There are many books that focus on one- and two- point perspectives, though only one geometric method is always employed. However, three point perspective is only demonstrated as a freehand illustration in all available resources, although there was a geometric method taught in some universities. Such method is complex as it implies non-orthoganal projections for the plan and elevation that makes it non practical. In other words, the elevation is projected at an angle which shows two sides of the object, and the plan is also projected of a tilted object that shows all sides. And they have to be produced prior to constructing the perspective. This is why most artists would rather use freehand estimation to plot three point perspective.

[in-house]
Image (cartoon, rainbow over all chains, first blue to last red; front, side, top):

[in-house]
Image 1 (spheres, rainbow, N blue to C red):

In this research, I will demonstrate many different methods. Some use the (station point), others don’t. Some don’t rely on vanishing points if they become too far to locate within the drawing board. There is also a mechanical method that plots the perspective within a pre-defined square using horizontal and vertical coordinates only without using any other elements, such as, vanishing points, horizon line, etc. All methods employ conventional (Plan View) with or without a conventional elevation. The methods are simple and don’t involve angular elevations of two sides at all.